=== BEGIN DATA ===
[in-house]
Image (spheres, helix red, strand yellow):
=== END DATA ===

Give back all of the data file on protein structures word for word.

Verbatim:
[in-house]
Image (spheres, helix red, strand yellow):